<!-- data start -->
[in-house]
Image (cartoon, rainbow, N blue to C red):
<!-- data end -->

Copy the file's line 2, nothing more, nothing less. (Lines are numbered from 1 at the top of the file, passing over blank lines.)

Image (cartoon, rainbow, N blue to C red):